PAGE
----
Sometimes, the market can move in very interesting ways. This is true not only for the market more generally, but also for individual stocks. Earlier this year, there was a banking crisis that caused most financial institutions to take a beating. While a number of the banks that were affected but ultimately survived managed to post a sizable partial recovery and share price, few have rebounded as well as OFG Bancorp (NYSE:OFG) has done. Normally, this would signal a high-quality prospect with excellent long run potential. But to be perfectly honest, I am perplexed as to why OFG Bancorp has recovered like it has. In some respects, the stock is a bit pricey. In addition to this, while the value of its loan portfolio continues to grow, and debt is low, deposits continue to drop and uninsured deposit exposure is only growing. Given these factors, I believe that a ‘hold’ rating is appropriate for the bank at this time.
Not a great play
For those not familiar with OFG Bancorp, the company operates as a financial holding firm that was founded in Puerto Rico and that dates back to 1964. At the end of last year, the bank had 41 different branches spread throughout Puerto Rico, as well as two additional branches in the US Virgin Islands. Through these locations, the company provides services that fall under three different segments. The first of these is the Banking segment, which provides traditional banking products such as commercial loans, consumer loans, mortgages, deposit services, and more. Its activities also extend to things like loan underwriting, securitization activities, and more.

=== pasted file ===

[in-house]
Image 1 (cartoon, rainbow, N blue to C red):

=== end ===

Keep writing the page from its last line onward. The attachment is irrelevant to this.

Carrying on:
Outside of this, we have two other segments. The first of these is the Wealth Management segment, with activities ranging from the administration and servicing of retirement plans, investment advisory services centered around things like fixed income securities, mutual funds, and more, and both insurance and reinsurance activities. The third segment, meanwhile, is the Treasury segment. And that’s mostly focused on the company’s treasury related functions like the management of its own investment portfolio of mortgage-backed securities and similar offerings.